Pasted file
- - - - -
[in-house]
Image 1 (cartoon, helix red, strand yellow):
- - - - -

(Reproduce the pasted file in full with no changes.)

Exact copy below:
[in-house]
Image 1 (cartoon, helix red, strand yellow):